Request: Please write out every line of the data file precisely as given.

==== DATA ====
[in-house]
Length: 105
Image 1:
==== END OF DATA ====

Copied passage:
[in-house]
Length: 105
Image 1: